Keep a lookout for Nessie

    And wear some dancing shoes.

    It’s truly magical, and something dreams are made of.

    Best,

    Rebecca Lee Robinson

    Little Fish, Big Pond- from country girl to world traveler

    musings, Travel, United Kingdom, United States

    I grew up in the Pikes Peak region, very rural. Where the closest neighbor we had for many years was about half a mile away. Where the roads were dirt for three miles back to my childhood home. Where you could hear traffic from a mile away if you listened hard enough. Where big horned sheep hung out in their back yard and mountain lions were a real threat.

    When going to school as a kid we literally lived at the LAST stop on the school bus route, for either school we went to either in Cripple Creek or Woodland Park. Both of which were a 30 minute drive in either direction.

    When I was 19 (in 2010) I decided, while taking a gap year and a half, to take a trip. By myself I would go to Europe. I started in Germany and France with some dear friends that lived in Stuttgart. By the time I got to traveling alone I was in the UK and that meant a wakeup call on public transportation and how much of the world lives.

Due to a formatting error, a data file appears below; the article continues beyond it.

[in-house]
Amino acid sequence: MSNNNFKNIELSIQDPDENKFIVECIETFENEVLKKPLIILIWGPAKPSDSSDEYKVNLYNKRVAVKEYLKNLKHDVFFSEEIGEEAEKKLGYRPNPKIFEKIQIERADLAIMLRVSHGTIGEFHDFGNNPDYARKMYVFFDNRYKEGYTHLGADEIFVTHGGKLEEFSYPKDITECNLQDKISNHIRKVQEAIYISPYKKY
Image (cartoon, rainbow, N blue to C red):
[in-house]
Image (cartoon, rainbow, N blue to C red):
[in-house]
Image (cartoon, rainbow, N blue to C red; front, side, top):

In London, I rode on my first subway, real subway- not one at an airport.

    Out of London I rode on my first public train, not just a touristy trip through the Royal Gorge, to Diss in East Anglia.

    In Edinburgh, I rode in my first cab, EVER….I kid you not.

    Out of Stirling, Scotland I took my first public bus to Dirleton, Scotland, which quickly turned into a mess because I didn’t understand bus schedules…anyway.

    Out of Holyhead, Wales I would take my first ferry and land in Dun Laoghaire, Ireland.

    As a trip of firsts in public transportation and seeing the world it was a wonderful experience and preparation for moving to the city for college.

    In January of this year I took a third trip to the UK with my aunt, from Kansas, who had:

    • Never been in a cab
    • Never been on a commuter train
    • Never been on a subway
    • Never been on a public bus.

    It was strange to think that someone in their 60s could just be experiencing these things for the first time. Yet, when I think about how strange the mid-west and western United States could be for people, it’s kind of a weirdness that is unique to that part of the world. Growing up in rural environments means that we have some experiences with raising farm animals, or hiking hidden trails. Yet we miss out on more urban pursuits. Which, when traveling have an interesting way of sneaking in. All part of the experience.